10.1 The relevance of GPWS and MSAWS needs to be clarified. Both systems have been designed to provide alerts and warnings (via the controller in the case of the latter) that the aircraft has infringed certain preset thresholds and that, if not corrected by the pilot, it may fly into terrain. Neither system is a substitute for crews so planning and executing their flight that the need for GPWS or MSAWS never arises. Despite continuous improvements being made to them, and the undoubted safety benefit each can provide, neither system can be relied upon absolutely.

10.2 There is not, and there never will be, any better ‘CFIT Avoidance’ system than pilots and other flight crew members who by their pre-flight preparations and in-flight actions ensure that all relevant preventive measures to avoid CFIT are applied conscientiously on every occasion.

11 Training

11.1 Training in procedures that include all relevant points described above will help promote a healthy ‘CFIT Avoidance’ attitude. Good crew co-operation - Crew Resource Management (CRM) to use a familiar term - will add value. First, though, the operator or whoever has responsibility for specifying procedures must ensure that these contain all that is appropriate. Crews must then be trained in their use.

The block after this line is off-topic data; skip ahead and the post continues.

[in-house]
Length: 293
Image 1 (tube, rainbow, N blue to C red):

11.2 Staff employed to teach procedures should ensure that the latter’s purpose is fully understood, staff tasked to examine or to assess proficiency should ensure that crews routinely employ these procedures, and staff who assess competency ‘on the line’ should ensure that ‘CFIT Avoidance’ standards do not suffer when unexpected circumstances such as weather avoidance, re-routeing or change of runway arise.

12 Conclusion

12.1 CFIT accidents, and incidents that might have turned into CFIT accidents continue to occur and remain a cause for concern. The risk of CFIT cannot be left to back-up systems such as GPWS and MSAWS to solve, but it can be reduced if all flight crew members are given well thought out procedures to employ, are properly trained in their use, and apply them conscientiously.

12.2 Pilots and operators are encouraged to review their procedures for ‘CFIT Avoidance’ content - as described above - and to ensure that, once confirmed as suitable, they are applied in all operations.


This Circular is issued for information, guidance and necessary action.